The United States Department of Defense on Thursday defended India’s anti-satellite missile test capabilities, saying the country was concerned about threats it faces in space, PTI reported.

On March 27, India shot down one of its own low-orbit satellite with a ground-to-space missile, making it one of the four countries to have ASAT capabilities.

“The first lesson from the Indian ASAT is just the simple question of why did they do that,” US Strategic Command Commander General John E Hyten told members of the Senate Armed Services Committee on Thursday. “And the answer should be, I think to all the committees looking at it, is that they did that because they are concerned about threats to their nation from space.”

When asked about the need for India to do an ASAT test and the debris it generated in space, Hyten said: “And therefore, they feel they have to have a capability to defend themselves in space.”

Hyten also called for the development of international norms on behaviour in space. “And where those norms of behaviour should begin, from my opinion, is with debris, because as the combatant commander responsible for space today, I don’t want more debris,” Hyten said.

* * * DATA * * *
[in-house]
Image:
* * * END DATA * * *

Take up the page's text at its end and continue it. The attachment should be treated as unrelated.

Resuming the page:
Senator Tim Kaine asked what the rules should be and what the US should do to promote the norms. He said: “India is an ally. We’re not talking about an adversary doing something. We’re talking about them testing some capacity, but then that creates challenges for all kinds of uses of space. How should we be solving problems like that?”

Earlier this month, National Aeronautics and Space Administration chief Jim Bridenstine had deplored the ASAT test, saying that the event created 60 pieces of orbital debris big enough to track. Of these, 24 pieces rise higher than the International Space Station’s orbit around Earth. Bridenstine said the United States space agency had identified over 400 pieces of debris in total.

The Pentagon had also denied reports that the US had spied on the anti-satellite missile test, but said the US was aware of India’s first test fire of the missile.